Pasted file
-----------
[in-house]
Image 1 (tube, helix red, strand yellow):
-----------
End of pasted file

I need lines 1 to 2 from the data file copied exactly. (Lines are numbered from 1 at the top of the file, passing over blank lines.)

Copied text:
[in-house]
Image 1 (tube, helix red, strand yellow):